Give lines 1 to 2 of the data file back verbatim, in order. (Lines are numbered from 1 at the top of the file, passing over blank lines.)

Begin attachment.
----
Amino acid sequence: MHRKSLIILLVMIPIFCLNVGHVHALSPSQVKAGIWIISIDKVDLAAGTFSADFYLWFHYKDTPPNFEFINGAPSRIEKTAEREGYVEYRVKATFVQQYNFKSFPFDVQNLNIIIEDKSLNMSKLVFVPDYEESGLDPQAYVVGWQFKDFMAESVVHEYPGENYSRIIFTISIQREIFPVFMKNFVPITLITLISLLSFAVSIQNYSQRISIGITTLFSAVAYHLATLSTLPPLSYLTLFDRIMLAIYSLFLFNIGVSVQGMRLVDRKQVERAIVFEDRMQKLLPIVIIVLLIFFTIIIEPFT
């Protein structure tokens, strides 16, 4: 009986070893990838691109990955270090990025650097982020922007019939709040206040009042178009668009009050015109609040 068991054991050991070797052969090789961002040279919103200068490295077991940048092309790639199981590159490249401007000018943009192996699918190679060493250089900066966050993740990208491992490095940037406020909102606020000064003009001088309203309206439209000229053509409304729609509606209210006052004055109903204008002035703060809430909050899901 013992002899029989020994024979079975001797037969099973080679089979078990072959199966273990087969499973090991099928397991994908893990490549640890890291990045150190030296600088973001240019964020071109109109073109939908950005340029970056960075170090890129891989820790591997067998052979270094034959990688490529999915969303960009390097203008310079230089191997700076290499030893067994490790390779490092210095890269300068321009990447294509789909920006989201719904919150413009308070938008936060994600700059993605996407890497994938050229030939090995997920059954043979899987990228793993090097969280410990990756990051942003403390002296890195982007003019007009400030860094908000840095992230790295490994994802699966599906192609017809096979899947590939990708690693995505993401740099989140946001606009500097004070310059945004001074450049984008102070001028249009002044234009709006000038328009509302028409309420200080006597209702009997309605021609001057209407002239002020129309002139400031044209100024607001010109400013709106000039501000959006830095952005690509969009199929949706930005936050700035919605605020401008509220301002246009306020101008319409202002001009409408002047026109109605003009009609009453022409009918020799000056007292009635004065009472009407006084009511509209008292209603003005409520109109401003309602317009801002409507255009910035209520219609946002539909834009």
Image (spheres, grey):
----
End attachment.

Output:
Amino acid sequence: MHRKSLIILLVMIPIFCLNVGHVHALSPSQVKAGIWIISIDKVDLAAGTFSADFYLWFHYKDTPPNFEFINGAPSRIEKTAEREGYVEYRVKATFVQQYNFKSFPFDVQNLNIIIEDKSLNMSKLVFVPDYEESGLDPQAYVVGWQFKDFMAESVVHEYPGENYSRIIFTISIQREIFPVFMKNFVPITLITLISLLSFAVSIQNYSQRISIGITTLFSAVAYHLATLSTLPPLSYLTLFDRIMLAIYSLFLFNIGVSVQGMRLVDRKQVERAIVFEDRMQKLLPIVIIVLLIFFTIIIEPFT
């Protein structure tokens, strides 16, 4: 009986070893990838691109990955270090990025650097982020922007019939709040206040009042178009668009009050015109609040 068991054991050991070797052969090789961002040279919103200068490295077991940048092309790639199981590159490249401007000018943009192996699918190679060493250089900066966050993740990208491992490095940037406020909102606020000064003009001088309203309206439209000229053509409304729609509606209210006052004055109903204008002035703060809430909050899901 013992002899029989020994024979079975001797037969099973080679089979078990072959199966273990087969499973090991099928397991994908893990490549640890890291990045150190030296600088973001240019964020071109109109073109939908950005340029970056960075170090890129891989820790591997067998052979270094034959990688490529999915969303960009390097203008310079230089191997700076290499030893067994490790390779490092210095890269300068321009990447294509789909920006989201719904919150413009308070938008936060994600700059993605996407890497994938050229030939090995997920059954043979899987990228793993090097969280410990990756990051942003403390002296890195982007003019007009400030860094908000840095992230790295490994994802699966599906192609017809096979899947590939990708690693995505993401740099989140946001606009500097004070310059945004001074450049984008102070001028249009002044234009709006000038328009509302028409309420200080006597209702009997309605021609001057209407002239002020129309002139400031044209100024607001010109400013709106000039501000959006830095952005690509969009199929949706930005936050700035919605605020401008509220301002246009306020101008319409202002001009409408002047026109109605003009009609009453022409009918020799000056007292009635004065009472009407006084009511509209008292209603003005409520109109401003309602317009801002409507255009910035209520219609946002539909834009």